OER16: Open Culture
April 19-20
Edinburgh, Scotland
The vision for the conference is to focus on the value proposition of embedding open culture into institutional strategies for learning, teaching, and research. Conference chairs are Melissa Highton, Director of Learning, Teaching, and Web Services at the University of Edinburgh, and Lorna Campbell, OER Liaison at the University of Edinburgh and EDINA Digital Education Manager.

Tomorrow's Transactions Forum
April 20-21
London, UK
Consult Hyperion's annual conference lets anyone interested in the future of electronic transactions debate and discuss any and all ideas, no matter how apparently wacky (such as those that appear in the art competition). Intervention and interaction are welcome; product presentations are banned.

TICTeC 2016
April 27-29, 2016
Barcelona, Spain
The Impacts of Civic Technology Conference will focus on the impact of civic technology and digital democracy on citizens, decision makers, and governments around the world and discuss themes of engagement, participation, institution, social behaviour, politics, community, digital capability, communication, and ethics relating to the use and study of civic technology.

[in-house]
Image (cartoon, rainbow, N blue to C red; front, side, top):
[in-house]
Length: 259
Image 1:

April 25-29, 2016
eZulwini, Swaziland
Swaziland Library Association (SWALA) hosts the 22nd Standing Conference of Eastern, Central and Southern African Libraries Association. This year's theme is Digital Transformation and the changing role of libraries and Information Centres in the sustainable development of Africa.

Second African Public Libraries Summit
April 30-May 1, 2016
eZulwini, Swaziland
The African Library and Information Association and Institutions (AfLIA)'s two-day summit will be held as a post-conference event of the SCECSAL Conference which will also be held in Swaziland. Co-sponsored by the Global Libraries Program of the Bill & Melinda Gates Foundation, the summit's theme will be "21st Century Public Libraries - innovation develops communities".

ICOA 2016
May 16-17
Montreal, Canada